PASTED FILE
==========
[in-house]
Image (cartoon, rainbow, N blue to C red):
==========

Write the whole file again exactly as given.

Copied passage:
[in-house]
Image (cartoon, rainbow, N blue to C red):